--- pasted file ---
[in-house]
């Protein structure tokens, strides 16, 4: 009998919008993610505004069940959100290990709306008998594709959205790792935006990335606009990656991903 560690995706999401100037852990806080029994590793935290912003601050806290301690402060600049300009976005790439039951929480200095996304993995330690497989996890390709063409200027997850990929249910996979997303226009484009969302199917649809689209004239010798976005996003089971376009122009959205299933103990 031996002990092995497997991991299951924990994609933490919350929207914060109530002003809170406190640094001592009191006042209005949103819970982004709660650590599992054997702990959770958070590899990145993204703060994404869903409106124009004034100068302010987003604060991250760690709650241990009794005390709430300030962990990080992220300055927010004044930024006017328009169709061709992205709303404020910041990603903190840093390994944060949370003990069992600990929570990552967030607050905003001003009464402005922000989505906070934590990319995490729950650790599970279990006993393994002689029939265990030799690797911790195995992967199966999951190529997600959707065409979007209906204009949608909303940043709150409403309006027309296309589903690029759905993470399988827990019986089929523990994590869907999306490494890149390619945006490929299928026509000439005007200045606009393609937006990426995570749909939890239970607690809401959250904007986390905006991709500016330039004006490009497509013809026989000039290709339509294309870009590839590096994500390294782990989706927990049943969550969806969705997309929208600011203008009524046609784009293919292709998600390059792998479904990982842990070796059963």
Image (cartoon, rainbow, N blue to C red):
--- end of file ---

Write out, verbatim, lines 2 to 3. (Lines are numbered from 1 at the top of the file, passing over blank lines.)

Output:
């Protein structure tokens, strides 16, 4: 009998919008993610505004069940959100290990709306008998594709959205790792935006990335606009990656991903 560690995706999401100037852990806080029994590793935290912003601050806290301690402060600049300009976005790439039951929480200095996304993995330690497989996890390709063409200027997850990929249910996979997303226009484009969302199917649809689209004239010798976005996003089971376009122009959205299933103990 031996002990092995497997991991299951924990994609933490919350929207914060109530002003809170406190640094001592009191006042209005949103819970982004709660650590599992054997702990959770958070590899990145993204703060994404869903409106124009004034100068302010987003604060991250760690709650241990009794005390709430300030962990990080992220300055927010004044930024006017328009169709061709992205709303404020910041990603903190840093390994944060949370003990069992600990929570990552967030607050905003001003009464402005922000989505906070934590990319995490729950650790599970279990006993393994002689029939265990030799690797911790195995992967199966999951190529997600959707065409979007209906204009949608909303940043709150409403309006027309296309589903690029759905993470399988827990019986089929523990994590869907999306490494890149390619945006490929299928026509000439005007200045606009393609937006990426995570749909939890239970607690809401959250904007986390905006991709500016330039004006490009497509013809026989000039290709339509294309870009590839590096994500390294782990989706927990049943969550969806969705997309929208600011203008009524046609784009293919292709998600390059792998479904990982842990070796059963």
Image (cartoon, rainbow, N blue to C red):